Prospect Ramblings: Stats vs Eye Test

by Jokke Nevalainen on November 5, 2018

 

For a long time, the scouting world was split between those who rely on stats and those who rely on the eye test. There were a lot of battles between these groups. But more recently, a lot of people have started to realize both sides have good points. The best modern scouts seem to be the ones who utilize stats and analytics but also spend a lot of time watching the kids.

 

The way I see it, stats are a good starting point. There are hundreds of interesting prospects playing around the world in 20-30 different leagues. You can’t watch all of them regularly. And that’s why I use stats to identify the players I want to watch.

 

If my eyes are telling me the same thing stats are showing, then life’s easy. When it becomes more difficult is when stats are telling me one thing but my eyes are telling me something else. Which one do I trust? That’s when mistakes are made, and I still haven’t found a perfect balance for it.

 

When using stats, it’s also very important to know how to properly interpret them. NHL equivalency (NHLe) has been around for some time now, and it’s a great starting point. The idea is to calculate how many points said prospect would have scored if he had played in the NHL.

 

The problem with NHLe is that it’s only designed to calculate the immediate impact a prospect makes when making the jump to the NHL from some other league. By itself, it doesn’t say anything else about the prospect.

 

Mason Black has created a stat called PNHLe which also takes age into consideration and projects how many points the prospect may score at the NHL level in his prime. As an example, here’s a graph showing Connor McDavid’s PNHLe values throughout his career so far. It goes all the way back to his rookie season in the OHL when he was just 15 years old.

 

 

 

As you can see, McDavid’s PNHLe value was always off the charts good. Throughout his junior career, he was projected to get between 110 and 120 points in his prime at the NHL level. And so far, that’s looking pretty accurate. In McDavid’s case, numbers work perfectly. He was consistently great year after year, and his game developed perfectly each and every season.

 

But not everyone develops perfectly. Development is not always linear, and some prospects don’t start showing their true potential until at a later age. As an example, here’s Elias Pettersson’s PNHLe graph.

 

 

During the 2015-2016 season, Pettersson’s production was nothing special. But he took a big step during his draft year, then he took another big step last year, and now seems to be taking yet another step this year in the NHL. And this is why projecting prospects is so difficult. Life would be so easy if they would all develop similarly.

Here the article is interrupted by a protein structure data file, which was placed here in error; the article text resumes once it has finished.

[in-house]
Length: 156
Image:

Then there are also cases where the hype around the player far exceeds his numbers. As an example, here’s Casey Mittelstadt’s PNHLe graph.

 

 

In Mittelstadt’s case, his numbers were never impressive. He’s been consistently average. I do think he will end up being a better player than what the stats are saying but I do admit being swept away with the hype at some point. But last season, when Pettersson’s PNHLe value was about 110, Mittelstadt’s number was about 50. That’s a huge difference.

 

We here at DobberProspects are very fortunate to have Mason writing monthly articles for us. In case you’ve missed the first ones, I suggest checking them out to learn more:

 

Now that we know how to interpret stats properly and we have such a great tool like PNHLe at our disposal, what’s the point of watching those prospects? Well, production doesn’t always match with talents. Sometimes a prospect is posting great numbers but it may be because he’s playing huge minutes, it may be because he’s allowed to cheat for offense, and it may be because he’s benefitting from a superstar carrying their line.

 

And at the other end of it, a supremely talented player may not be producing much because he’s not getting any support from his teammates or he’s not getting proper usage on the team. If a prospect is making plays left and right but no one is finishing them, they don’t show up on the score sheet.

 

Without watching prospects, you also don’t know anything about their play without the puck. Offensive production may be the best single indicator of future success but NHL players also need to be defensively responsible. NHL coaches don’t allow their players to cheat for offense.

 

If you only follow one league and/or a handful of prospects and get to watch them every week, you may not need stats. But if you try to follow a large amount of prospects, it’s impossible to watch them all the time. And that’s when stats become very useful.

 

Stats are a great tool to have in your scouting toolbox but they’re not perfect and may never be. As an example, here’s Nail Yakupov’s PNHLe chart. He posted great numbers during his junior career, and he continued posting great numbers during his rookie season in the NHL. But it all went downhill from there.

 

 

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And that’s all for now, thanks for reading. Feel free to add comments below. Remember to follow me on Twitter @JokkeNevalainen.

 

Images used on the main picture courtesy of CBSSports.com, Vancourier.com and USATodayHSS.com